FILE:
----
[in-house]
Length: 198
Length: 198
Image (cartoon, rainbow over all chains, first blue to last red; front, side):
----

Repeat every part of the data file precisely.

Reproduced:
[in-house]
Length: 198
Length: 198
Image (cartoon, rainbow over all chains, first blue to last red; front, side):